European economic policy continues to promote the impoverishment of African countries. To name just one example: Western Africans are forbidden to fish in their own waters, since European fishing fleets have spent millions to purchase those fishing rights from Western Africa’s political leaders. So it is only logical that the fishing boats thus rendered useless for fishing are used for the transport of refugees – primarily, in the case of Western Africa, to the Cape Verde Islands.

Another example highlights the problems faced by Greece, which is often strongly criticized for its refugee policies. The island Mytilini (Lesbos) lies in the Aegean just a few nautical miles from the Turkish coast. In 2008 alone, more than 15,000 refugees from Asia and Africa arrived there. The island itself numbers just a little over 90,000 inhabitants.

The European Union believes it has found a solution in the form of the agency Frontex (European Agency for the Management of Operational Cooperation at the External Borders of the Member States of the European Union). But on what legal basis do Frontex's ships command boats overloaded with refugees to turn back to countries where torture and imprisonment are waiting for them, when those boats are in international waters? According to the Dublin Regulation, the European country where a refugee first arrives must care for that refugee and his or her application for asylum must be filed and investigated there. Yet given the great numbers of immigrants, the European countries bordering the Mediterranean can no longer keep up. They are still waiting for the help from the European Union that Italy's prime minister, Mario Monti, has demanded.

I chose Italy as the setting for this novel because of its great numbers of refugees. Only a few of them can apply for asylum. Most reside in Italy illegally, either underground, in relationships of sexual dependence or kept in a kind of semi-imprisonment. Others wait in camps to be deported – a practice that has currently been stopped. Today, these people form the most significant element of street scenes in cities and towns. The European Union has not yet succeeded in identifying suitable measures for supporting Mediterranean countries in dealing with their refugee streams.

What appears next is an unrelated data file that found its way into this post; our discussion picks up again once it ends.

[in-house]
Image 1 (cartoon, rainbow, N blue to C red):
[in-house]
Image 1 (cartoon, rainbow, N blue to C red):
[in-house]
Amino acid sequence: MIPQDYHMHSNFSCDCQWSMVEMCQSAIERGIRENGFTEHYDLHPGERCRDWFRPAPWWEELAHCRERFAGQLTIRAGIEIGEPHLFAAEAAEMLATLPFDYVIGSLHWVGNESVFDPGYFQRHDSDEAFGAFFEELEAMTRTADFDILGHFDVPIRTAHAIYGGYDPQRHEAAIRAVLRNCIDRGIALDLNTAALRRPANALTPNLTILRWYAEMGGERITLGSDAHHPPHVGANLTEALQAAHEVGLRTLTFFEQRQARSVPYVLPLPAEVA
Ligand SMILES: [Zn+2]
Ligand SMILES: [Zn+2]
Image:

For the purposes of the story I wanted to tell, I needed a cross-regional assistance organization that regarded itself as subject to the duty of humanity, not the service of mercantile laws. I decided to use a Christian order – in this case, the Carmelites. The organization needed to be one that had maintained a certain independence of thought and was allowed a certain neutrality with regard to local laws. In addition, a religious order offers the possibility of tapping an existing network within the community, not just to other places but institutions as well. And behind the convent's walls, my fictitious shipwreck survivors could remain in hiding more easily and receive the care they needed. I don’t know whether the Carmelites, a nursing order, even have a convent in southern Italy, but for me they were an image of helpfulness, determination and courageous commitment. Even so, the persons, events and places in this work are all fictitious.

Jutta Motz

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* translation: Mary Tannert

 

 

Elster Verlag
ISBN 978-3-906065-01-4
Publication:
März 2013

 

 

Blutfunde
Blood Find

What was planned as an educational holiday in Rome turns into the kind of adventure Jane couldn’t possibly have anticipated: her very first evening there, the Englishwoman and her friend Gioia, a lawyer, witness the murder of an African man.